• The International Panel on Climate Change (IPCC) and treaties such as the Kyoto Protocol assume methane to be, tonne-for-tonne, 25 times more potent than carbon dioxide at warming the planet. (scientificamerican.com)
  • North America
  • This may be one of the reasons why Europeans are, according to the UN's Food and Agriculture Organization (FAO), "the heartiest potato eaters," consuming just over 96 kilograms per capita in 2005, compared to almost 58 kilograms in North America, almost 26 kilograms in Asia/Oceania, almost 24 kilograms in Latin America, and about 14 kilograms in Africa. (nj.com)
  • crop
  • Emphasizing the potential of the world's fourth most important food crop (after corn, wheat and rice) to nourish populations in under-developed regions of the world, the General Assembly of the United Nations has proclaimed 2008 as -- drum roll, please -- the International Year of the Potato. (nj.com)
  • variety
  • Marcy is a late maturing white potato variety. (wikipedia.org)
  • PVY infection of potato plants results in a variety of symptoms depending on the viral strain. (wikipedia.org)
  • We contend that LIMD2 is a marker that could help physicians profile tumors, and a potential drug target that could yield a potent therapy for a variety of advanced cancers, perhaps in combination with existing or emerging therapies," Rauscher said. (redorbit.com)
  • Stateside, where famine is an unlikely threat, potato promoters are hoping that consumers who grew up with the snack food slogan "You can't eat just one" to realize that they don't have to buy just one -- fresh potato variety, that is. (nj.com)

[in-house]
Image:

• Often known as the Idaho potato because it is widely grown in that state, the earthy looking Russet remains the nation's most popular variety. (nj.com)
  • It's a challenge for distributors and retailers to sort every different type of potato by variety, he added. (nj.com)
  • But growing plants from seed is the only way to get a new potato variety. (garden.org)
  • vegetable
  • The potato is a cool-season vegetable -- however, it freezes when the temperature drops below 0 degrees Celcius and must be covered whenever there is the threat of frost . (everything2.com)
  • Mashed, baked, fried or zapped -- not to mention chipped and dipped -- the potato is America's favorite vegetable. (nj.com)
  • poisonous
  • Of course, since the fruits are poisonous (containing atropine ), it took a while for the potato to become established in the Swedish household. (everything2.com)
  • salad
  • Carlin finds the jumbo size of the Idaho Burbank Russet ideal for making his popular Idaho fries and spicy barbecue chips, while the vivid hue of Purple Peruvians enhances the eye-appeal of the potato salad he serves with lobster omelets and grilled striped bass. (nj.com)
  • A very tasty change from traditional potato salad. (bhg.com)
  • nutrients
  • 50%) of the nutrients are found within the potato itself The cooking method used can significantly impact the nutrient availability of the potato. (mcgill.ca)